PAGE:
Let’s first concentrate on the flasher circuit. The simple idea was to let the current charge capacitor C1 until the voltage over the capacitor becomes so high that zenerdiode D1 starts to conduct thereby triggering thyristor D2. The thyristor discharges the capacitor through the LED until the capacitor is discharged, and the thyristor comes out of conduction. The low power thyristor can conveniently be implemented by a pnp transistor tightly coupled to an npn transistor Fig. 3.1B (also have a look here). The problem with this circuit is that the gain of common transistors is so high that the smallest noise in the circuit will trigger the thyristor at unpredictable moments. The problem is easily solved by connecting two high value resistors over the emitter-base junctions of the two transistors Fig. 3.1C. This will effectively kill the gain of the transistors at low currents, making it a reliable simulated thyristor.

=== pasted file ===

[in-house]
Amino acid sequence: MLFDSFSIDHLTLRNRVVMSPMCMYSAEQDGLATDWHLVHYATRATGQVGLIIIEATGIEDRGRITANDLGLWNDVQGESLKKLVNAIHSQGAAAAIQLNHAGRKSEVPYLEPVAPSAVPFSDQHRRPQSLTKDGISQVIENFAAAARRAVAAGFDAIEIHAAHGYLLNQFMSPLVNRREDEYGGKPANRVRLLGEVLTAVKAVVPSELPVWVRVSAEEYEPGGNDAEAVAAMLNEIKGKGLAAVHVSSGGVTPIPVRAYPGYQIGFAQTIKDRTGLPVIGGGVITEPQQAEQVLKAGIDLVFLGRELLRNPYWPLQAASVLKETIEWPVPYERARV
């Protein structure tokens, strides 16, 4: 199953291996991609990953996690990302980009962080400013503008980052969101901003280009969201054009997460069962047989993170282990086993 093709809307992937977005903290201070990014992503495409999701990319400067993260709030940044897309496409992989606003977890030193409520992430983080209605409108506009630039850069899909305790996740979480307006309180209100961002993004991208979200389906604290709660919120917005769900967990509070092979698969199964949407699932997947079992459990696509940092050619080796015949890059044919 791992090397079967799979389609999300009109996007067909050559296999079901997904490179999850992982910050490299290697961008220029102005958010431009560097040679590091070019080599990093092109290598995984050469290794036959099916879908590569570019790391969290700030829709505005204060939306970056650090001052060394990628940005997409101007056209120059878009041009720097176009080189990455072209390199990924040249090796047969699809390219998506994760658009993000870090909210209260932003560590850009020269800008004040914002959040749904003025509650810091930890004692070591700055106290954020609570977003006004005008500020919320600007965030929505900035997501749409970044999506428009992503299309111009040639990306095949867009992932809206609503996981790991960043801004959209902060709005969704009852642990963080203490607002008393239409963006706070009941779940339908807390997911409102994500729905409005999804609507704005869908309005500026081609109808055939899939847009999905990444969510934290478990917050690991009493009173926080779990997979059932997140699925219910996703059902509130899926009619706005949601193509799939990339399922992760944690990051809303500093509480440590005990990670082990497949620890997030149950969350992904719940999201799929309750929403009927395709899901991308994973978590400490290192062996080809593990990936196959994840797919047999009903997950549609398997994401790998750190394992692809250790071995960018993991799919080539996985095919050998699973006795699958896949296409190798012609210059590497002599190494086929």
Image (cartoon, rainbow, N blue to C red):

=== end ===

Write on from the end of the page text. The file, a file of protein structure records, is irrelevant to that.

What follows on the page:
Disappointingly, the circuit still did’t work as expected. The capacitor charged as it should, and when the capacitor voltage increased beyond the voltage of the zener diode the thyristor fired as expected flashing the LED and at the same time discharging C1. However, instead of starting the cycle all over again, the circuit froze at the point where the current supplied to the circuit would just keep the thyristor conducting. The solution to this was to include a small inductor in series with the LED (see Fig. 3.1D). The inductor in combination with the capacitor forms a resonant circuit that gives the circuit a flywheel character whereby the current is really pushed to zero so that thyristor comes out of conduction.